Here is another section from my father’s memoirs. It tells the story of my grandfather (Grandad), George Roche, Jr., and the accident and recovery that shows his fighting spirit:
…During the rest of the 30s, my dad sold X-ray equipment throughout Utah, Wyoming, and Colorado. The family was doing well. My dad drove to doctors’ offices over a large part of the west, putting 50,000 miles a year on his cars. Coming back from a trip to the Western Slope in 1940, trying to make it home for Christmas Eve, his car slid off the road on an icy curve and turned over several times, completely crushing the top and popping out all the glass. He was able to get help in getting the car back on the road and drove 250 miles into Denver that night in a snowstorm with temperatures approaching 0, WITH NO GLASS IN THE CAR. He made it home for Christmas, but before New Year’s, we rushed him to the hospital with double lobar pneumonia. He was dying for lack of air, and the doctors offered little hope. My mother and I spent every day and half the night at the hospital, where he had been placed in what was then called the “kick-off” ward. Penicillin had not been discovered and the complete filling of the lungs with fluid was a death sentence. My dad didn’t give up and neither did we. It took six months and an operation that left a gaping hole in his back for the rest of his life, but he survived.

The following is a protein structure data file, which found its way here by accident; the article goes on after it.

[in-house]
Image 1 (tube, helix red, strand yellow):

Our money was exhausted by mid-1941, and my dad had been told he could never work again, and his X-Ray business had ceased to exist because the government was responding to the threat of the fast-approaching war by buying 100% of all X-ray production. This began some very lean years for the three of us. My mother and I, years later in Hillsdale made a list of the places where we lived during the 1940s-50s and the lines of work which provided our living. Sitting at our table in Hillsdale, we were able to recall 26 places where we lived in that time, many during WWII–a rail yard in Salt Lake City, a Salvation Army Store in Greeley, Colorado, a malt shop on Firestone Blvd. in Los Angeles, a packinghouse in Torrington, Wyoming, a ranch near Salida, Colorado, and many rented homes and rooms in rooming houses.
We were running the Salvation Army Store in Greeley when Pearl Harbor was attacked, living in two rooms above the store which we reached by climbing the fire escape in the alley. That Sunday afternoon, my folks were frying chicken, while I, a first grader, played on the floor in the next room. I can well remember the moment when the first news came over the radio. The next day, my dad went down the street to enlist in the Navy. The Greeley recruiting depot, like similar scenes all over the country, was jammed and in total chaos. The paperwork was being processed while he took the physical. When the doctor saw my father’s chest X-ray, he yelled out the door, “All right! Cut out the grab-ass. I’m too busy for these damn jokes. Don’t show me any more chest X-rays from cadavers!”
While I never met my Grandad, I heard he was a tough, loving, family man. He did live long enough to watch his son’s inauguration as the 11th President of Hillsdale College. While I wasn’t born yet, I can assume that must have been a proud moment for him.